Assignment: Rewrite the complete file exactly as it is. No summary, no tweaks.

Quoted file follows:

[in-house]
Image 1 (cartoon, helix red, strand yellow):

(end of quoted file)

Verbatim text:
[in-house]
Image 1 (cartoon, helix red, strand yellow):